• Milestone changed from Future Release to 4.0

15928.3.patch seems to be pretty straight forward and still applies. Moving to 4.0 for consideration.

comment:59 @SergeyBiryukov11 months ago

Related/duplicate: #25449 (see nacin's comment).

comment:60 @ericlewis10 months ago

Thoughts on returning a network-path reference (drop the scheme)?

Further reading: Stack Overflow discussion, RFC-3986, Paul Irish

comment:61 @ericlewis10 months ago

#19722 was marked as a duplicate.

comment:62 @ericlewis10 months ago

#18679 was marked as a duplicate.

comment:63 @chaoix10 months ago

Here is my solution to this issue. Running it on several installs with no problems.

//Fix SSL on Post Thumbnail URLs
        function ssl_post_thumbnail_urls($url, $post_id) {
                //Skip file attachments
                if( !wp_attachment_is_image($post_id) )
                        return $url;

                //Correct protocol for https connections
                list($protocol, $uri) = explode('://', $url, 2);
                if( is_ssl() ) {
                        if( 'http' == $protocol )
                                $protocol = 'https';
                } else {
                        if( 'https' == $protocol )
                                $protocol = 'http';
                }

                return $protocol.'://'.$uri;
        }
        add_filter('wp_get_attachment_url', 'ssl_post_thumbnail_urls', 10, 2);

comment:64 @silb3r9 months ago

Thanks @chaoix, works like a charm until this gets patched!

comment:65 @ircbot8 months ago

This ticket was mentioned in IRC in #wordpress-dev by johnbillion. View the logs.

comment:66 @ircbot8 months ago

This ticket was mentioned in IRC in #wordpress-dev by johnbillion. View the logs.

comment:67 @ircbot8 months ago

This ticket was mentioned in IRC in #wordpress-dev by DrewAPicture. View the logs.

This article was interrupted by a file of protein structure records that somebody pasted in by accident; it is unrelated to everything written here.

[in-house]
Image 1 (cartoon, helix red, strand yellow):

comment:68 @DrewAPicture8 months ago

  • Keywords 4.1-early added
  • Milestone changed from 4.0 to Future Release

Let's pick this up in 4.1-early. We really need to test this since there's a lot of code down the line this could affect. Punting.

comment:69 @DrewAPicture8 months ago

#20534 was marked as a duplicate.

comment:70 @mampf8 months ago

15928.3.patch won't work on ssl-optional sites. Either check the protocol using is_ssl() or use protocol-relative links as suggested.

The problem is, that these functions used:

get_site_url();
content_url( 'uploads' );

will not return https://, if the site is ssl-optional.

Please keep that in mind. As this is a patch implying security (mixed content, content in a ssl session loaded without encryption), please revise it. I'd there propose to remove the "has-patch" tag of this ticket.

comment:71 @slackbot5 months ago

This ticket was mentioned in Slack in #core by travisnorthcutt. View the logs.

@joemcgill5 months ago

Patch and adds tests.

comment:72 @joemcgill5 months ago

Taking a new stab at fixing this and adding some tests. I believe this patch handles all of the issues raised above. This is also my first crack at writing tests for core, so please let me know how I could improve them.

comment:73 @slackbot5 months ago

This ticket was mentioned in Slack in #core by joemcgill. View the logs.

@boonebgorges5 months ago

comment:74 follow-up: @boonebgorges5 months ago

  • Keywords needs-patch added; has-patch removed

Thanks for the patch, joemcgill. The logic of the unit tests looks good to me, though I'd prefer to have them broken into separate tests, as in 15928.5.patch.

The patch is still missing the mark, though. If I understand correctly, the root issue in this ticket is that you may be administering your site over HTTPS, with your front-end viewable over HTTP. When writing a post, you add an attachment, and some <img> markup gets inserted into your post. But, since you're looking at the dashboard, the src element will have the 'https' scheme saved in the post content.